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Research Papers

Estimation of In Vivo ACL Force Changes in Response to Increased Weightbearing

[+] Author and Article Information
Ali Hosseini

Department of Orthopaedic Surgery, Bioengineering Laboratory, Massachusetts General Hospital/Harvard Medical School, Boston, MA 02114; Department of Mechanical Engineering, Massachusetts Institute of Technology, Cambridge, MA 02139hosseini@alum.mit.edu

Thomas J. Gill

Department of Orthopaedic Surgery, Bioengineering Laboratory, Massachusetts General Hospital/Harvard Medical School, Boston, MA 02114tgill@partners.org

Samuel K. Van de Velde

Department of Orthopaedic Surgery, Bioengineering Laboratory, Massachusetts General Hospital/Harvard Medical School, Boston, MA 02114svandevelde@partners.org

Guoan Li1

Department of Orthopaedic Surgery, Bioengineering Laboratory, Massachusetts General Hospital/Harvard Medical School, Boston, MA 02114gli1@partners.org

1

Corresponding author.

J Biomech Eng 133(5), 051004 (Apr 11, 2011) (9 pages) doi:10.1115/1.4003780 History: Received May 25, 2010; Revised March 02, 2011; Posted March 09, 2011; Published April 11, 2011; Online April 11, 2011

Accurate knowledge of in vivo anterior cruciate ligament (ACL) forces is instrumental for understanding normal ACL function and improving surgical ACL reconstruction techniques. The objective of this study was to estimate the change in ACL forces under in vivo loading conditions using a noninvasive technique. A combination of magnetic resonance and dual fluoroscopic imaging system was used to determine ACL in vivo elongation during controlled weightbearing at discrete flexion angles, and a robotic testing system was utilized to determine the ACL force-elongation data in vitro. The in vivo ACL elongation data were mapped to the in vitro ACL force-elongation curve to estimate the change in in vivo ACL forces in response to full body weightbearing using a weighted mean statistical method. The data demonstrated that by assuming that there was no tension in the ACL under zero weightbearing, the changes in in vivo ACL force caused by full body weightbearing were 131.4±16.8N at 15 deg, 106.7±11.2N at 30 deg, and 34.6±4.5N at 45 deg of flexion. However, when the assumed tension in the ACL under zero weightbearing was over 20 N, the change in the estimated ACL force in response to the full body weightbearing approached an asymptotic value. With an assumed ACL tension of 40 N under zero weightbearing, the full body weight caused an ACL force increase in 202.7±27.6N at 15 deg, 184.9±22.5N at 30 deg, and 98.6±11.7N at 45 deg of flexion. The in vivo ACL forces were dependent on the flexion angle with higher force changes at low flexion angles. Under full body weightbearing, the ACL may experience less than 250 N. These data may provide a valuable insight into the biomechanical behavior of the ACL under in vivo loading conditions.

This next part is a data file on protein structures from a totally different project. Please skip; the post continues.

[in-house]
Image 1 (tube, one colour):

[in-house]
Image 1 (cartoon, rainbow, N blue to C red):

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Copyright © 2011 by American Society of Mechanical Engineers
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Figures

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Figure 2

Virtual dual fluoroscopic system created based on the geometry of the actual experimental system (from Hosseini(30), with permission)

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Figure 3

(a) Robotic testing system with installed knee specimen (before removing soft tissues). (b) Stretching the ACL along its long axis using the robot arm.

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Figure 4

Schematic diagram showing the methodology used for determination of in vivo ACL tension. (a) Weightbearing elongation of the ACL from in vivo weightbearing. (b) Force elongation of the ACL from in vitro robotic test. (c) Estimation of in vivo ACL tension for each individual as a function of weightbearing. (d) Average in vivo ACL force-weightbearing data of all living knees using weighted mean statistical method. (These figures are only conceptual and do not present experimental results. BW: body weight.)

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Figure 5

(a) In vivo weightbearing-elongation behavior of the ACL at 15 deg, 30 deg, and 45 deg of flexion (results from previous study (30)). (b) In vitro force-elongation curves of the ACL at 15 deg, 30 deg, and 45 deg of flexion (standard deviation bars for 30 deg are not shown for the purpose of figure clarity).

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Figure 6

The increase in the in vivo ACL force when the subject placed full body weight on the force plate plotted with increasing assumed initial tension in the ACL

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Figure 7

(a) A knee specimen installed on the robotic testing system with the fluoroscopes to image the knee joint during applying load (validation study). (b) The in vitro ACL forces due to 130 N anterior tibial load measured by robot (hatched bars) and the corresponding estimation of the ACL forces with different ACL tensions under zero weightbearing at 15 deg, 30 deg, and 45 deg of knee flexion (solid bars).

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Figure 1

Schematic of the dual fluoroscopic imaging system

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